Nearly 100 people, including elected officials, community leaders, Chamber executives and board, Community Lifeline Center’s board members and staff, veterans and veterans' services agencies, volunteers, donors and supporters turned out recently to celebrate CLC's new location.
Notables sited in the crowd includes Mayor Brian Loughmiller and Mayor Pro-Tem Travis Ussery, Collin County Commissioner Matt Shaheen, CLC Board Members; Robert Camp, Tony Forsythe, Sharon Hagen, Jay Halderman, Jamie St. Clair, and Mikie Loughridge, and representatives from the Texas Veterans Commission.
The event started out with the Chamber traditional ribbon-cutting. Chamber president Jodi Ann La Freniere Ray spoke of the special relationship between the two organizations, specifically regarding the relocation. The Leadership McKinney class, including Jodi Ann, adopted CLC as its Make a Difference Day project. With guidance from Deb Fitzgerald, and Dana Riley of Volunteer McKinney, the class raised nearly half of the funds necessary to pay for technology infrastructure.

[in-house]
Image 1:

Their project also encompassed an “Extreme Agency Makeover,” as they scoured their respective businesses for gently used office furniture, and almost completely outfitted both the client services offices at 1601 W. University Dr., and the administrative offices at 1601 N. Waddill St. Finally, a complete renovation of the green space yielded the new “Zen Garden,”and CLC’s new donor recognition display, a custom painted “giving tree” in the lobby.
CLC Executive Director Christine Hockin-Boyd welcomed and thanked the crowd. She said, “Some of you know this has been a long time coming. And some of you know this has been a really long time coming. 2012 was an exciting year… but we are nowhere near finished accomplishing our goals. In fact, we have a project on the table that is so ambitious; I promise that when it is unveiled, it will be the first of its kind in north Collin County.
“In the meantime, with your support, we will continue to serve residents of McKinney and 16 surrounding small communities, and veterans and their families through the entire county, as well as partner with churches and other agencies to be a conduit as we work together to guide people back to self-sufficiency.”